Yesterday I was wandering through the cheese section of the local Giant Eagle, a decent supermarket chain in the Midwest and Mid Atlantic.  This grocery has an amusing visual aid—they have little placards with the name, brief description, and then a picture of the milk-producing animal for all of their selections.  Most, of course, are little cow silhouettes, broken up by the occasional goat or sheep.  But one had a totally different one, of a buffalo.  It was Mozzarella Di Bufala, from Sorella, imported from Italy.
     I was a little surprised to learn that the water buffalo has quite a history in Italy (and throughout Europe, South America, Australia, and North America).  They were introduced in about 600 A.D., and have been used as a work animal, and been utilized for their meat, bones and hide (for jewelry and leather goods), and milk.  Mozzarella cheese (from the Italian word mozzare, “to cut,” as its production includes spinning and cutting the cheese (pun not intended)) was, in fact, traditionally made from water buffalo milk.  It’s only in fairly recent times that it’s been made from regular cow’s milk.
     Water buffalo originate from Asia, namely the Indian subcontinent and Southeast Asia.  They’ve been domesticated for thousands of years, and are an integral part of the cultures of the people in these areas.  They’ve been called the “living tractors of the East,” as they are excellent for laboring in flooded rice paddy fields.  Water buffalo races are held in many countries (and less nicely, fights of the male animals are staged, too).  Wild ones even have ecological uses, as their browsing of water plants help keep channels open for other animals, and river traffic.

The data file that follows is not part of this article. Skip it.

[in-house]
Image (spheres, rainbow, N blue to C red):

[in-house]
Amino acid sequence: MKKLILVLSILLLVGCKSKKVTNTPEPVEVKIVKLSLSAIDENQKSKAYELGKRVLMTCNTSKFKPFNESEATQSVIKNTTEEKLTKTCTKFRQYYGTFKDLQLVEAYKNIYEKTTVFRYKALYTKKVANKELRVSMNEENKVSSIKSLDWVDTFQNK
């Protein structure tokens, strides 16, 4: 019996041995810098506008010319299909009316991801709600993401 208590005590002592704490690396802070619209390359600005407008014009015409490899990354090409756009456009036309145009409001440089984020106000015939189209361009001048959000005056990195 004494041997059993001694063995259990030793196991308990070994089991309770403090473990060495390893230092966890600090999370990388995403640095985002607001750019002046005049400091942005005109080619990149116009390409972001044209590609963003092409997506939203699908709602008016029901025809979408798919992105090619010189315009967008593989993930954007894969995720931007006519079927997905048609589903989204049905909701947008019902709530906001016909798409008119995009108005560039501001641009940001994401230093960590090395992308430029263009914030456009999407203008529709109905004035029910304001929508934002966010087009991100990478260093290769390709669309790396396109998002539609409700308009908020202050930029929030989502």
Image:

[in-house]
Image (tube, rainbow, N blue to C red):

As far as cheese types go, mozzarella has to be among the world’s most popular, up there with cheddar, gouda, and feta, I guess.  That’s because of the explosion of pizza in the 20th century, which uses a type of mozzarella.
     Long story short, water buffalo mozzarella cheese was delicious.  Granted, I love pretty much all cheeses, and have consumed thousands of pizzas, so there wasn’t a whole lot of drama going in.  I was able to detect a slight difference in water buffalo mozzarella cheese versus cow mozzarella cheese, though.  The buffalo variant was slightly richer, and a tad sweeter and creamier.  Since water buffalo milk is higher in fat and protein content than cow’s, this makes sense.  I had it fresh, and by itself, so I’d like to try it cooked into a pizza, or sample other cheese types (ricotta, stracchino, etc.) made with it, too.  Really, the only down side was it was tough to get (this is the only time I’ve seen it sold in a grocery) and it was a little expensive (which is also not shocking, since it is rare, and was imported).